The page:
• Passage of Parts I and II of the National Board Dental Examinations, a multiple-choice test covering biological science, anatomy, ethics, clinical knowledge, and patient management
  • Passing performance on a practical examination covering clinical skills.

Board exams are integrated into the dental school curriculum. Part I is taken after Year 2 and Part II and the clinical exam after Year 4.

Some states have additional requirements. For more information, contact your state board of dentistry.

Necessary Skills and Qualities

  • Communication. Dentists must be able to listen to patients concerns and convey health information in ways patients can understand. They must also manage a busy team of caregivers and administrative workers.
  • Attention to detail. Keen powers of observation help dentists to detect tiny changes that could signal an emerging problem or deterioration in a patient's condition.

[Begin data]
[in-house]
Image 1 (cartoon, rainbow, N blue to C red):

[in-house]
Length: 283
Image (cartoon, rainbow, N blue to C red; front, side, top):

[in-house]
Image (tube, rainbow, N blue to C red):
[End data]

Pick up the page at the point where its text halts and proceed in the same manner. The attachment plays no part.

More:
• Coordination and dexterity. Dental procedures require precise manipulation of drills, probes, scalpels, and other tools.
  • Clinical skills. Dentists rely on their knowledge and experience to assess each patient's condition and come up with the best care plan and course of action.
  • Compassion. A calm, empathic personality will help dentists reassure patients who are fearful of dental procedures and comfort those who are in pain.
  • General health and fitness. Dentists should be comfortable standing and bending for long periods during procedures.

Opportunities for Advancement

For many people, the long road to becoming a dentist represents a pinnacle career achievement in itself. However, those seeking additional challenges often pursue opportunities in research, dental education, and public policy.